Every year in mid-April, Major League Baseball declares Jackie Robinson Day, recognizing the moment in 1947 that Jackie Robinson made his major league debut. Robinson would go on to be named rookie of the year, a nearly unbelievable achievement given that he was the only black player in the league when he took the field as the first baseman for the Brooklyn Dodgers. He would win the league MVP in 1949 and be part of six World Series champion teams during his career.
MLB players from all teams will wear Robinson's jersey, with the number 42, on April 15, 2022 when they take the field as part of MLB's recognition. As I've written before, "The image of solidarity, while a nice gesture, glosses over the grit and courage that Robinson had to muster to persevere." During his career, and lifetime, he certainly didn't witness the solidarity that the MLB narrative portrays during this commemoration.
Jackie is often reported to be the first black player to "break the color barrier", a nice narrative, to coincide with MLB's celebration, yet it's not true. William Edward White played a single game for the Providence Grays in 1879. Moses Fleetwood Walker played an entire season for the Toledo Blue Stockings in 1884. His brother, Weldy Walker, also appeared in games for Toledo that year. It would be a staggering 63 more years before another black player took the field after Moses, a young Jackie Robinson. Sadly, it would be more accurate to say that Robinson broke the color barrier in baseball yet again.
Robinson remained a champion for inclusion throughout his short life, including his last public appearance, at game two of the 1972 World Series, giving voice to his observation that there were no black managers in the majors. Even today there are only two black managers among the 30 MLB franchises: the Houston Astros' Dusty Baker and Dave Roberts of the Los Angeles Dodgers.
“Everybody has written about it, but they haven’t done a damn thing about it,” - Astros manager Dusty Baker says about the lack of black managers in major league baseball.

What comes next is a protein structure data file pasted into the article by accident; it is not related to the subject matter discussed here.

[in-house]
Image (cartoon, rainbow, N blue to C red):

The first black manager was also named Robinson — Frank Robinson. Frank, a former National League player of the year, made his MLB debut in 1956 for the Cincinnati Reds. In 1975 he was named the manager for the Cleveland Indians, while still a player. (He hit a home run in his managerial debut against the New York Yankees)
Some estimates claim that black players now account for less than 7% of MLB rosters down from a high of almost 19% in 1981. This year the Philadelphia Phillies, home to a city that is 40% black, didn't have a single black player on its opening day roster, something that hasn't happened since 1959.
On Jackie Robinson day let's take the time to both celebrate Robinson's great achievements on the field, his unwavering support for equality off the field, and let's also hold MLB accountable to be more representative of the world we live in. On Jackie Robinson’s day, indeed on every day, we should work to remove any racial disparity in sports, politics, and business.
The Negro League was founded over 100 years ago, in 1920. Sadly the league kept no stats on the players. The Negro Leagues Baseball Museum, founded by baseball historian Larry Lester, has been doing tremendous work to document and correct this absence, combing through historical newspapers to capture boxscores and record the achievements of players. It's worth checking out both the museum site and Larry's personal site for more insight into black baseball players.